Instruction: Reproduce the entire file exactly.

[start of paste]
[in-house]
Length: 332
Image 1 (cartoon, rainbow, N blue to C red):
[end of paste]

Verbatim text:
[in-house]
Length: 332
Image 1 (cartoon, rainbow, N blue to C red):